• U.S.

# Books: HOW TO SOLVE A CIPHER

TIME

The expert cryptanalyst and the Sunday-puzzle expert alike rely on the fact that letters have their own personalities. As David Kahn writes: “To the casual observer, they may look as alike as troops lined up for inspection, but just as the sergeant knows his men as ‘the gold-brick,’ ‘the kid,’ ‘the reliable soldier,’ so the cryptanalyst knows the letters of the alphabet.”

Consider this simple cryptogram:

GJXXN GGOTZ NUCOT WMOHY JTKTA MTXOB YNFGO GINUG JFNZV QHYNG NEAJF HYOTW GOTHY NAFZN FTUIN ZANFG NLNFU TXNXU FNEJC INHYA ZGAEU TUCQG OGOTH JOHOA TCJXK HYNUV OCOHQ UHCNU GHHAF NUZHY NCUTW JUWNA EHYNA FOWOT UCHIMP HOGLN FQZNG OFUVC NZJHT AHNGG NTHOU CGJXY OGHTN ABNTO TWGNT HNTXN AEBUF KNFYO HHGIU TJUCE AFHYN GACJH OATAE IOCOH UFOXO BYNFG

First, count the frequency of each letter in the text:

17 4 13 0 7 17 23 26 5 12 3 2 2 A B C D E F G H I J K L M 36 25 1 5 0 0 23 20 3 6 9 13 8 N O P Q R S T U V W X Y Z

For a 200-letter cryptogram, an appropriate frequency table for English looks like this:

LETTER: a b c d e f g h i j k l m

FREQUENCY: 16 3 6 8 21 4 3 12 13 1 1 7 6

LETTER: n o p q r s t u v w x y z

FREQUENCY: 14 16 4 ½ 13 12 18 6 2 3 1 4 ½

Since “every letter has a cluster of preferred associations that constitute its most distinguishing characteristic,” the next step is to set up a contact chart. This shows how often each letter precedes and is succeeded by each other letter. From this it is clear that N in the ciphertext stands for plaintext e: it is the most frequently used letter, and associates more often with more different characters than does any other letter.

The other high-frequency plaintext vowels, a, i and o, tend to avoid one another. A contact chart would show that three of the most common letters in the ciphertext —O, U and A—are the most mutually exclusive. OA appears twice, OU once, and UO, UA, AO and AU not at all. But NU appears five times in the cryptogram. It happens that the most frequent English vowel diagraph is ea. Thus it is a good bet that U = a. Similarly, since the combination io is most frequent among the three dissident vowels in English, assume that it is represented in the cipher by OA. Therefore O = i and A = o.

So far, the four most common vowels have been tentatively identified. Now for consonants. An easy-to-spot characteristic of plaintext n is that it is preceded 80% of the time by vowels. The contact chart shows that ciphertext T is preceded 17 times out of 23 by ciphertext N, O, U, or A. Put T down for n.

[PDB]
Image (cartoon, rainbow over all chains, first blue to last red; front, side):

To the cryptanalyst, ciphertext Y is also significant. In the cryptogram, it runs before N and never follows it; at the same time, it always follows H and never precedes it. This is the usual behavior of plaintext h: the diagraph he is commonplace, but eh is unusual; th is the most frequent diagraph of all, but ht less so. Therefore, in the cryptogram, Y=h and H should equal t.

So far, 160 of the 280 letters in the cipher have been tentatively identified. The solution (in the first six cipher groups) would look like this:

GJXXNGGOTZNUCOTWMOHYJTKTAMTXOB e in ea in ith n no n i

Now it becomes possible to find familiar words in plain English. For example, the letters ith appear near the beginning. Guessing that this could stand for with, the analyst assumes that M = w. He tries that idea out in other places where M appears in the ciphertext. Down the line this produces the sequence with-n-nown. This suggests: with unknown, in which case J would equal u, and K would equal k.

By now, the only two high-frequency plaintext letters remaining are r and s. Assume that F stands for r and G for s. If this is so, then the first nine letters in the message would read:

GJXXNGGOT su e s s i n

From this, success in leaps to mind, meaning that X — c. Each clue begets new clues until the cipher is solved. The cryptogram reads:

“Success in dealing with unknown ciphers is measured by these four things in the order named: perseverance, careful methods of analysis, intuition, luck. The ability at least to read the language of the original text is very desirable but not essential.” Such is the opening sentence of Parker Hitt’s Manual for the Solution of Military Ciphers.